China's central bank Monday launched a seven-day reverse repo and cut its rate by 5 basis points to 2.5 percent, in order to cut fund-raising costs for enterprises.
This is the first such cut in the reverse repo rate in more than four years, according to the China Securities Journal.
The People's Bank of China injected 180 billion yuan (about 25.71 billion U.S. dollars) into the market through seven-day reverse repos. Before this, the central bank reverse repo operation had been suspended for 15 working days.
A reverse repo is a process in which the central bank purchases securities from commercial banks through bidding, with an agreement to sell them back in the future. In this way, commercial banks can raise short-term capital. It is the equivalent of a short-term loan with the securities serving as collateral.
The stock market and bond market rallied in response.
This round of open market operations to cut loan costs began earlier this month. On Nov. 5, the central bank cut the interest rate of one-year medium-term lending facility (MLF) to 3.25 percent, 5 basis points lower than the previous MLF.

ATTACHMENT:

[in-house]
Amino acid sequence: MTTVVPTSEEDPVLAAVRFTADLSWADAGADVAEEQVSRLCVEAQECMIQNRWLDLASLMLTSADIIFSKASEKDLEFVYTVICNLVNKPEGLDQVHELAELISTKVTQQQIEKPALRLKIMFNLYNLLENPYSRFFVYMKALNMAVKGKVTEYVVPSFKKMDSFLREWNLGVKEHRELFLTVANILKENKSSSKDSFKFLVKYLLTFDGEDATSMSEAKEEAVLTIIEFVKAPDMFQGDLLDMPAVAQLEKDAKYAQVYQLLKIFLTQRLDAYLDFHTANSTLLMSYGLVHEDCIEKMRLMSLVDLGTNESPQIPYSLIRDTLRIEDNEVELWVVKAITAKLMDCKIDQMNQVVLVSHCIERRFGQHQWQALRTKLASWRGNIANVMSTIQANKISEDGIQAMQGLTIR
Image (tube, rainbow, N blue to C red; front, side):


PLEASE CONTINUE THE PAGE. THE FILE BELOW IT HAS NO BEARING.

Last Friday, the central bank launched one-year MLF again and maintained an interest rate of 3.25 percent.
The MLF tool was introduced in 2014 to help commercial and policy banks maintain liquidity by allowing them to borrow from the central bank using securities as collateral.
Wen Bin, chief researcher with China Minsheng Bank, said the reduction in the reverse repo rate reflected the central bank's efforts to strengthen counter-cyclical adjustments and in addition to the 600 billion yuan MLF operations that began in November, the central bank ensured reasonable liquidity through a combination of short-and long-term policy instruments.
The central bank said in its quarterly policy report issued Saturday that it will use a variety of monetary policy instruments to provide short-term, medium-and long-term liquidity and maintain banking stability.
The central bank will step up counter-cyclical adjustments while staying away from using a deluge of stimulus policies, the report said.